What are the aims of this leaflet?
This leaflet has been written to help you understand more about traction alopecia. It will tell you what traction alopecia is, what causes it, what can be done about it, and where you can get more information about it.
What is traction alopecia?
Alopecia is a general term for hair loss. Traction Alopecia is a type of hair loss caused by constant pulling (“traction”). The pulling is usually on some hairs more than others leading to the development of bald patches. Often, this type of alopecia is due to the hairs being pulled repeatedly by tight hairstyles.
Traction alopecia is a different condition to the one when people have the desire to actively pull their own hair (known as Trichotillomania).
Traction alopecia can get better when it has only been present for a few weeks or months if the tension applied to the hair is stopped. However, if there is long-term and repetitive pulling on the hair it can lead to permanent hair loss due to damage to the hair follicles, which produce hair.
What causes traction alopecia?
The commonest cause of traction alopecia is tight hairstyles. The pattern of the hair loss will depend on the type of hairstyle and where the tension is highest. Usually it is the longer hairs at the edge of the scalp that are pulled the most. As only longer hairs are tied up, smaller finer hairs escape being pulled and can be still be seen in the balding patches.
Hairstyles often associated with traction alopecia are tight ponytails (causing hair loss at the front and side margins of the scalp), tight buns (causing hair loss at the sides and back of the scalp), as well as attachment of weaves or hair extensions. Tight braids (such as cornrows and dreadlocks) are also common causes of traction alopecia with hair loss being seen between the braids. The risk of traction alopecia is further increased if these hairstyles are combined with various chemicals used on the hair (such as chemical relaxers to straighten hair). Hair clips and tight head scarves have also been associated with traction alopecia. Excessively long hair may contribute to traction alopecia due to the weight of the hair.
Is traction alopecia hereditary?
It is uncertain whether there is a true genetic predisposition to traction alopecia. It is mainly due to hair-styling practices. It can affect people from all ethnic backgrounds. Traction alopecia has been seen in some people with cultural, religious and occupational hairstyles.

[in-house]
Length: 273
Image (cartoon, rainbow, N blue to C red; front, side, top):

Traction alopecia is often seen in women and children of African descent who regularly use braids or chemicals to make it easier to manage tightly curled hair. It is possible that tightly curled Afro-textured hair may be more susceptible to breakage and traction alopecia. Traction alopecia of the scalp and beard area has also been noted in some Sikh men.
What are the symptoms?
Some people may experience itching, soreness or increased flaking of the scalp.
What does traction alopecia look like?
Traction alopecia can occur anywhere on the scalp where there are mechanical forces pulling the hair. Often hair loss is seen at the front, sides or back of the scalp. Smaller hairs within the patch are often unaffected and a rim of slightly longer hairs (called the “fringe sign”) may be also be seen at the edge of the patch furthest away from the traction.
Within the patches of hair loss the skin usually looks normal. However, if tight hairstyles are still being used then sometimes redness, spots and white skin flakes attached to the hairs (called “hair casts”) may be seen at the margins of the bald patches closest to the tension.
In longstanding traction alopecia the scalp may appear smooth and shiny, where the hairs have been permanently destroyed.
How is traction alopecia diagnosed?
The diagnosis is usually based on the history and pattern of the hair loss. If the diagnosis is unclear then a scalp biopsy may be required.
Can it be cured?
Yes, depending on the stage of hair loss. If the problem is identified early, then the hair can completely regrow if the tight hairstyles are stopped. However, longstanding traction alopecia can cause permanent destruction of the hair follicle; in this situation the hair loss is permanent.
How can traction alopecia be treated?